Single inherited thrombophilias and adverse pregnancy outcomes


Dr Giovanni Larciprete, Department of Obstetrics and Gynecology., Fatebenefratelli Hospital, Isola Tiberina 39, Rome 00186, Italy. Email:


Introduction:  Inherited thrombophilia is believed to be a multiple gene disease with more than one defect. We aimed to determine the association between single thrombophilic patterns and a variety of pregnancy diseases.

Methods:  284 pregnant women were recruited for the present study and were divided in two groups: A group (176 controls) and B group (108 cases). Patients belonging to the B group had one of the following: severe pre-eclampsia, hemolysis, hepatic enzymes increase, hypertension and low platelet count (HELLP) syndrome, gestational hypertension, fetal growth restriction, intrauterine death, abruptio placentae and disseminated intravascular coagulopathy. To detect methylenetetrahydrofolate reductase (MTHFR) A1298C, MTHFR C677T, factor V Leiden, PAI-1, mutant prothrombin G20210A, an inverse hybridization technology was used. Plasma homocysteine, antithrombin (AT) III and protein S were determined. A modified functional activated protein C resistance was detected.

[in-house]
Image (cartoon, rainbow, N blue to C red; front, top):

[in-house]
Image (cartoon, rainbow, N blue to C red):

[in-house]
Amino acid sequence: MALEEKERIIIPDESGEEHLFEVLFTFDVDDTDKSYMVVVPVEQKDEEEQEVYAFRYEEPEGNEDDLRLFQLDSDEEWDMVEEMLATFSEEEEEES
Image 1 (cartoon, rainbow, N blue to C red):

Results:  MTHFR C677T and hyperhomocysteinemia were more prevalent than other thrombophilias. Deficiency in AT III was significantly linked with pre-eclampsia (relative risk 0.88; 95% CI 0.83–0.94). Activated protein C resistance (APCR) was significantly related to the abruptio placentae (relative risk 0.71; 95% CI 0.61–0.82).

Comments:  Apart from the linkage between AT III deficiency and the occurrence of pre-eclampsia, and apart from the increased risk of abruptio placentae in pregnant women with altered APCR, we obtained findings in contrast with some of the published literature. In our case series, no association of pre-eclampsia with factor V Leiden or with prothrombin gene mutation was found.